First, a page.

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^ it's not fashionable, cincity it's reality. cinci topped out around 500k at its pop peak w/in its city limits and clev about 1m within a slightly smaller square milage. but i can't show you any inkling of that from today's aerials. why do you think clevelanders bemoan so much on here and in general? we grew up being told how big it used to be in our own parents lifetimes.

 

 

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I'm talking about historical density,before both cities were 70 square miles or so. Cincy's residents were literally packed into the basin area,with the hills surrounding it acting as a veritable fortress on all sides.The city was about 10 square miles with a population at 370,000.

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Just as a reference regarding Cleveland, our city's current density is a little less than 2,400/km2. If we had retained our peak population, our density would compare with cities like Montreal (4,327), Boston (4,640) and Chicago (4,923). That being said, we're still comparable to Seattle (2,626) and St. Louis (2,225) and blow Houston (1,302) and Atlanta (1,221) out of the water. FYI, Cincinnati stands at 1,498/km2. Granted, population density does not at all equate to building density in CBDs, but I thought the digression was worthwhile.  :-D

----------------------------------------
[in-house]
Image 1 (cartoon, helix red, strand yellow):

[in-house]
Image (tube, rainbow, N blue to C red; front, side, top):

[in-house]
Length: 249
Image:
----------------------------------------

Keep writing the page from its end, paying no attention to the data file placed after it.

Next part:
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I was simply trying to point out that becuz Cincy still retains some of its historically dense character this leads to the perception that most of the city remains intact. This couldn't be farther from the truth.

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8shades where did you find that? heres what i found on wiki and posted it in a recent similar thread on ssp:

 

 

"i have no idea how perfectly on the money this is since i got it off wiki, but since ohio is the most representative state and cleveland has the most density here it is: 6,166.5/mi². that's not for a 25mi radius, but for the whole city area of 77.6 mi². that's all i could find."

 

 

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The figure of 37,000 per square mile and the claim of densest city in america comes from Ohio history central web site.(sorry, i'm new to computers and don't know how to post a link.yes i'm a complete idiot I know)

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wow that would be more than parts of chicago or los angeles today! cleveland's peopel per sq mi density would have topped out at like 12.5k at it's pop peak, maybe a bit more as i am not sure of the city limits in those days.

 

for comparison's sake today some peak pop density area codes of chicago and los angeles are in the lower 20k people per sq mi range. manhattan is in the 66k per sq mi range and brooklyn in the 40+k range.

 

i got that info from the "densest city" thread over on ssp.